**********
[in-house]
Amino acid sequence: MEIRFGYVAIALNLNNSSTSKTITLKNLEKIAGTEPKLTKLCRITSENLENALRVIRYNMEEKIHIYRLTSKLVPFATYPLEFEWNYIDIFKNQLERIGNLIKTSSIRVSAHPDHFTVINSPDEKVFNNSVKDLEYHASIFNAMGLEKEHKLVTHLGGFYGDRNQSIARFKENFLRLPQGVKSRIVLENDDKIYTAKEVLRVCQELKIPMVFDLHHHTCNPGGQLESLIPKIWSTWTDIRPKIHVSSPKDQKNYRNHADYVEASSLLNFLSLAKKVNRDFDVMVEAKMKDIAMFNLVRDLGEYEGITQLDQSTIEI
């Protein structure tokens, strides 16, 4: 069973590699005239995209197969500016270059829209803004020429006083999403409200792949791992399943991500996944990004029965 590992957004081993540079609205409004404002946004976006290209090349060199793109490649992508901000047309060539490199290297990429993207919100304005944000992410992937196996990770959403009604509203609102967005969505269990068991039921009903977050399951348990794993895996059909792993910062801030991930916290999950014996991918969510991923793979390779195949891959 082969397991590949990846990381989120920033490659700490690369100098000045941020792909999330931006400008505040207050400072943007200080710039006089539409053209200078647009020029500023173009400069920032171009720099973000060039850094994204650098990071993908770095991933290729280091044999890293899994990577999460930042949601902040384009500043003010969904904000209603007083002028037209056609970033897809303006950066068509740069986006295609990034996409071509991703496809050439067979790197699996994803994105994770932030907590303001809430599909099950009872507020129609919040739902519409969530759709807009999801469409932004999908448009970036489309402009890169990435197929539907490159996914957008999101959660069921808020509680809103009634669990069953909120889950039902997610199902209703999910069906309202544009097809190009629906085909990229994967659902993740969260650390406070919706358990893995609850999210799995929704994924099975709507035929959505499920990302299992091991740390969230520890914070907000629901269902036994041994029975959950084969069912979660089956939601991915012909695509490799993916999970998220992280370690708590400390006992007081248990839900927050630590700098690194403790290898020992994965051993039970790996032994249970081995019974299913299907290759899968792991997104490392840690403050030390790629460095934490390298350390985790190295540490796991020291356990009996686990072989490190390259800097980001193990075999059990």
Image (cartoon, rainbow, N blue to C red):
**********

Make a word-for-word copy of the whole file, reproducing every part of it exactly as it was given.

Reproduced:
[in-house]
Amino acid sequence: MEIRFGYVAIALNLNNSSTSKTITLKNLEKIAGTEPKLTKLCRITSENLENALRVIRYNMEEKIHIYRLTSKLVPFATYPLEFEWNYIDIFKNQLERIGNLIKTSSIRVSAHPDHFTVINSPDEKVFNNSVKDLEYHASIFNAMGLEKEHKLVTHLGGFYGDRNQSIARFKENFLRLPQGVKSRIVLENDDKIYTAKEVLRVCQELKIPMVFDLHHHTCNPGGQLESLIPKIWSTWTDIRPKIHVSSPKDQKNYRNHADYVEASSLLNFLSLAKKVNRDFDVMVEAKMKDIAMFNLVRDLGEYEGITQLDQSTIEI
């Protein structure tokens, strides 16, 4: 069973590699005239995209197969500016270059829209803004020429006083999403409200792949791992399943991500996944990004029965 590992957004081993540079609205409004404002946004976006290209090349060199793109490649992508901000047309060539490199290297990429993207919100304005944000992410992937196996990770959403009604509203609102967005969505269990068991039921009903977050399951348990794993895996059909792993910062801030991930916290999950014996991918969510991923793979390779195949891959 082969397991590949990846990381989120920033490659700490690369100098000045941020792909999330931006400008505040207050400072943007200080710039006089539409053209200078647009020029500023173009400069920032171009720099973000060039850094994204650098990071993908770095991933290729280091044999890293899994990577999460930042949601902040384009500043003010969904904000209603007083002028037209056609970033897809303006950066068509740069986006295609990034996409071509991703496809050439067979790197699996994803994105994770932030907590303001809430599909099950009872507020129609919040739902519409969530759709807009999801469409932004999908448009970036489309402009890169990435197929539907490159996914957008999101959660069921808020509680809103009634669990069953909120889950039902997610199902209703999910069906309202544009097809190009629906085909990229994967659902993740969260650390406070919706358990893995609850999210799995929704994924099975709507035929959505499920990302299992091991740390969230520890914070907000629901269902036994041994029975959950084969069912979660089956939601991915012909695509490799993916999970998220992280370690708590400390006992007081248990839900927050630590700098690194403790290898020992994965051993039970790996032994249970081995019974299913299907290759899968792991997104490392840690403050030390790629460095934490390298350390985790190295540490796991020291356990009996686990072989490190390259800097980001193990075999059990």
Image (cartoon, rainbow, N blue to C red):